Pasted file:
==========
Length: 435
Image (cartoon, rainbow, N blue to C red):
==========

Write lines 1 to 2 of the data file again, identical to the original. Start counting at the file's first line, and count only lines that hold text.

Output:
Length: 435
Image (cartoon, rainbow, N blue to C red):